This July A123 announced they shall be supplying BAE Systems with lithium-ion battery packs for its new HybriDrive Series to be used on municipal buses. The following day A123 signed a deal with Chinese Ray Power Systems to supply a grid energy storage system. This is great news for shareholders of A123. Share price has risen for the first time since the company announced in June that it is struggling financially.
South Korea shipped 20% more rechargeable batteries overseas in 2011 finacial year than the previous year. Of these, 56% were lithium-ion making South Korea the world’s largest exporter of lithium-ion batteries for 2011. The exports of the batteries were valued at US$3.8 billion according to the Korea Customs Service.
A plant to make components for lithium-ion batteries is to be built in South Korea by Belgian company Umicore. The high-tech recycler and specialist materials maker will double its capacity of the product as it expands into the market. The plant should be operational in 2014 to make parts for rechargeable batteries.
Lithium demand is booming due to to an explosion in tablets and smartphones. GTSO Resources is beginning to recover used lithium using ‘urban mining’ (or recycling) techniques.
"Lithium prices have already tripled, and no one expects them to level off anytime soon,” said GTSO CEO Paul Watson.
Electronic waste contains metal deposits 40 to 50 times richer than mined ores, up to 85% are lost to landfills. GTSO is planning operations to recover lithium, tungsten and other discarded materials.
Johnson Controls Inc. has begun a new partnership with PolyPlus Battery Corporation, a California-based battery manufacturer, and also announced plans for a Chinese automotive battery plant.
PolyPlus will receive US$8.99 million from the US Department of Energy to invest in manufacturing lithium-ion batteries over the next three years.
PolyPlus is developing batteries that are lighter store more energy than the lithium-ion batteries that Johnson Controls currently produces.
Johnson Controls also announced this week signing a deal in China for a facility producing batteries for stop-start vehicles. It will be the first of its kind the company has in China.
Japan is losing out to Chinese and South Korean competitors in supplying lithium-ion battery components around the world. In the 2011 financial year Japan supplied less than half of these key parts.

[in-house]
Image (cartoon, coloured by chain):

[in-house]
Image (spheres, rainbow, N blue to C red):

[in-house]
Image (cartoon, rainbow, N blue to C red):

Global shipments of cathode and anode materials, separators and electrolytes are estimated to have grown 11.2% to US$70.2 million last fiscal year. Japanese firms' share fell 5.7% points to 46.6%, dipping below the 50% mark for the first time since 2008.
The Japanese Yano Research Institute believes Japan’s dominance was weakened following the 2011 earthquake and tsunami that halted the supply of some essential parts around the country. This, combined with the strong yen cutting into Japan’s competitiveness, meant a demand for cheaper materials grew. Another factor is the shift in South Korean battery manufacturers to use domestically made parts over imports.
Lead supplies could fall into deficit for the first time in five years. Recycling of car batteries has stunted demand for raw resources but, with a growing market in Asia for electric bikes, industry demand for lead is rising.
The 2012 global lead market is set to record a surplus of 144,000 metric tons. The price has declined in recent years due to this surplus, with value falling from US$2 700/t to $1 900/t from last year.
Demand for electric bikes should reduce the surplus and push prices up, lead producers would welcome this as prices have fallen steadily since 2007 when it was valued at US$3 890/t on the London Metal Exchange.
With lead producing factories closing in China and environmental concerns hindering expansion, the demand for lead is outstripping supply.
General Electric Co said it will invest $70 million in its Schenectady battery plant in New York to double production and create 100 jobs there. This will take the plant’s workforce 450 at full capacity.
The factory manufactures GE's Durathon batteries, which are half the size of conventional lead-acid batteries but last ten times longer.
Saft is producing lithium-ion cells for Schuco’s photovoltaic energy storage system available this year.
The system determines if energy is stored, consumed or sold back to the grid. The system control unit detects how much self-generated electricity is available and combines this information with external data. Electricity is only exported when production exceeds storage capacity.